By Angela Jenkins, Wellness Consultant, AllOne Health
July is Minority Mental Health Awareness Month and an opportunity for all of us to learn more about mental health and how it impacts different minority groups.
According to the Centers for Disease Control (CDC), mental health encompasses your emotional, psychological, and social well-being. It affects your feelings, thoughts, and actions and is a determinant in managing stress, making healthy choices, and managing relationships with others.
But according to the Office of Minority Health, some minority groups face many additional challenges to their mental health, which are reflected in the following statistics from the CDC:
- In 2020, among African Americans ages 15-24, suicide was the third leading cause of death.
- In 2019, among Asian/Pacific Islanders ages 15-24, suicide was the leading cause of death.
- In 2018, Asians were 60% less likely to receive mental health treatment, compared to non-Hispanic whites.
- In 2019, among American Indian/Alaska Natives between the ages of 10 and 34, suicide was the second leading cause of death.
- 60% of American Indian/Alaska Natives were more likely to experience the feeling that everything was an effort, all or most of the time as compared to non-Hispanic whites.
- In 2019, suicide was the leading cause of death for Native Hawaiians/Pacific Islanders ages 15-24.
- In 2019, Native Hawaiians/Pacific Islanders were three times less likely to receive mental health services or prescriptions for mental health treatment as compared to non-Hispanic whites.
What you can do personally
There are many things we can all do to make a positive impact on our mental health. Practicing self-care and incorporating healthy behaviors can help support your mental health. Here are a few examples:
- Journaling can be an effective way to manage feelings, emotions, and stress as well as increase personal awareness and perspectives. The next time you feel overwhelmed, try to write down what you are thinking and feeling. A lot of times, you will feel an immediate release of stress just because you have gotten it out of your mind and onto paper.
- Control what you can control: If you overhear or are confronted by a stereotype or an uncomfortable situation, use that as an opportunity to raise awareness and gently correct them. If you don’t feel comfortable, walk away from the situation, and share your experience with someone you trust.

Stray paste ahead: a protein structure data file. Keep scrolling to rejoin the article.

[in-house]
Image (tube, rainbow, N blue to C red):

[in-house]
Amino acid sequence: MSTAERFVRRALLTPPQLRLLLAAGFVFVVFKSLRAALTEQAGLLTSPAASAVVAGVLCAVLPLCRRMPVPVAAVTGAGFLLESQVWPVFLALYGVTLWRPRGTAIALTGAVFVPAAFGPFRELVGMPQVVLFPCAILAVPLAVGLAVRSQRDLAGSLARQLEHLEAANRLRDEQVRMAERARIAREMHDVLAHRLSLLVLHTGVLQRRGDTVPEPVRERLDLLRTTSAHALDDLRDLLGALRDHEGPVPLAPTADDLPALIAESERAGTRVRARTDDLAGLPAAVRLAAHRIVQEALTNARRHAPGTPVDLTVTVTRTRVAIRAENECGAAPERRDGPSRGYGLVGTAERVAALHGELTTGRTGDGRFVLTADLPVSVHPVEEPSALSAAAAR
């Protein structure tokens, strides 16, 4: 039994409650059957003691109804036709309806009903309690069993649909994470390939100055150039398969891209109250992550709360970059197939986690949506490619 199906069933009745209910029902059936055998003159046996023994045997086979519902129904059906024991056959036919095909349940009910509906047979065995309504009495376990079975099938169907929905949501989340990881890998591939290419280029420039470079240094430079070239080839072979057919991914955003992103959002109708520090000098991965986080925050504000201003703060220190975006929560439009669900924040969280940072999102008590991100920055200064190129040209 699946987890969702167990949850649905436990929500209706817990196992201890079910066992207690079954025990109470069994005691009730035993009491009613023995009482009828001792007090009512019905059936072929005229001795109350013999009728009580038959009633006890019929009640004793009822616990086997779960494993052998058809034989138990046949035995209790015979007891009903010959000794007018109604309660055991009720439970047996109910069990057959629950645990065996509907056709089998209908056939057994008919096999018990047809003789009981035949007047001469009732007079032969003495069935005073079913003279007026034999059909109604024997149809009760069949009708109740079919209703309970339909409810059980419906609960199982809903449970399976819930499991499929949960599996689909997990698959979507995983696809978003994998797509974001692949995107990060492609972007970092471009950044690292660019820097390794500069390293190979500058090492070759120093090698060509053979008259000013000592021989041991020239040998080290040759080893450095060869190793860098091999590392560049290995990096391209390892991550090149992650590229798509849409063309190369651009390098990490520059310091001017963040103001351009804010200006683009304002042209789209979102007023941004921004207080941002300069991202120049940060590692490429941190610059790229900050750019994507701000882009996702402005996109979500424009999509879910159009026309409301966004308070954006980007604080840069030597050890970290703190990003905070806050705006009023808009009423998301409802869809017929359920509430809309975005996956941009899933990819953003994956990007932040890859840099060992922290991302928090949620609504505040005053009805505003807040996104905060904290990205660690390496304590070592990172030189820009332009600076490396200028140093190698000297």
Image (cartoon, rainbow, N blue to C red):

- Physical activity can reduce anxiety and depressive symptoms. It can also be effective in reducing stress, increasing physical and mental energy, and enhancing overall well-being. Aim to get 20-30 minutes of moderate physical activity a day. This can be broken into two 10-minute sessions or two 15-minute sessions to receive the same benefits.
- Being mindful and focusing on the present moment has been shown to reduce anxiety and depressive symptoms and negative thoughts. Mindfulness has also been shown to increase sleep quality, lower blood pressure, and assist with a positive outlook. Try this: The next time someone is talking to you, focus on the words they are saying and try to eliminate the other thoughts going on in your mind. See if you notice any difference.
What you can do within the community
- Raise awareness through social media: USDHHS – Office of Minority Health has sharable graphics you can use to help de-stigmatize and normalize Minority Mental Health.
- Educate yourself and share your findings with others you trust: Read a book or watch a documentary on other cultures and ethnicities to see how mental health affects their community. Go one step further and share your findings with loved ones.
- Ask questions: If you are unsure about something related to another’s culture or practices, it’s okay to ask questions as that’s a much better option than making assumptions.
- Look within your community: Find non-profit businesses or groups that promote mental health awareness for minorities and volunteer your time.
For more information, please refer to the following:
- Minority Mental Health – Office of Minority Health
- Human Rights Campaign
- National Queer & Trans Therapists of Color Network
If you’re looking for additional help, reach out to your Assistance Program for Member Support. Or, if your organization is considering a Wellness Program, AllOne Health also offers a variety of Wellness Solutions to fit your needs and goals.
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